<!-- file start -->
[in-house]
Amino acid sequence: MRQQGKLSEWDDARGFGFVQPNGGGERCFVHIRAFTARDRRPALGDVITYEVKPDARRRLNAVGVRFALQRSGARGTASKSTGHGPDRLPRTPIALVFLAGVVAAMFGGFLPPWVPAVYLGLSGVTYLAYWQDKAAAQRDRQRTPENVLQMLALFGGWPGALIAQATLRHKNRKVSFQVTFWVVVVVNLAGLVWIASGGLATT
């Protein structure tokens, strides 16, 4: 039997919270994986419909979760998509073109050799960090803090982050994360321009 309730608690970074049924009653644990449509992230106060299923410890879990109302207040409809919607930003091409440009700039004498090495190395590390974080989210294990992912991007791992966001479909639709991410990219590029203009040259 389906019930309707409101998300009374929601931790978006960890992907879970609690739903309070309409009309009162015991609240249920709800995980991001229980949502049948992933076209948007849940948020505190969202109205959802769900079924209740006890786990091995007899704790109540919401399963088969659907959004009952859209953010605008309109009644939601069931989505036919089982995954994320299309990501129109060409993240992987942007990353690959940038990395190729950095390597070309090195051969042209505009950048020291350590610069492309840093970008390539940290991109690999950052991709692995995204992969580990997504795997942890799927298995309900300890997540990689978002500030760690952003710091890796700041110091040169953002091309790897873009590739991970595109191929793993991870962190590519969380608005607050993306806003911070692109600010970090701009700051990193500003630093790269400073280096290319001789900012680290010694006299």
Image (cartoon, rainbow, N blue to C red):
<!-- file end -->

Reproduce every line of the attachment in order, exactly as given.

[in-house]
Amino acid sequence: MRQQGKLSEWDDARGFGFVQPNGGGERCFVHIRAFTARDRRPALGDVITYEVKPDARRRLNAVGVRFALQRSGARGTASKSTGHGPDRLPRTPIALVFLAGVVAAMFGGFLPPWVPAVYLGLSGVTYLAYWQDKAAAQRDRQRTPENVLQMLALFGGWPGALIAQATLRHKNRKVSFQVTFWVVVVVNLAGLVWIASGGLATT
């Protein structure tokens, strides 16, 4: 039997919270994986419909979760998509073109050799960090803090982050994360321009 309730608690970074049924009653644990449509992230106060299923410890879990109302207040409809919607930003091409440009700039004498090495190395590390974080989210294990992912991007791992966001479909639709991410990219590029203009040259 389906019930309707409101998300009374929601931790978006960890992907879970609690739903309070309409009309009162015991609240249920709800995980991001229980949502049948992933076209948007849940948020505190969202109205959802769900079924209740006890786990091995007899704790109540919401399963088969659907959004009952859209953010605008309109009644939601069931989505036919089982995954994320299309990501129109060409993240992987942007990353690959940038990395190729950095390597070309090195051969042209505009950048020291350590610069492309840093970008390539940290991109690999950052991709692995995204992969580990997504795997942890799927298995309900300890997540990689978002500030760690952003710091890796700041110091040169953002091309790897873009590739991970595109191929793993991870962190590519969380608005607050993306806003911070692109600010970090701009700051990193500003630093790269400073280096290319001789900012680290010694006299």
Image (cartoon, rainbow, N blue to C red):